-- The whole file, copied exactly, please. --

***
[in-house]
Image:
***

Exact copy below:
[in-house]
Image: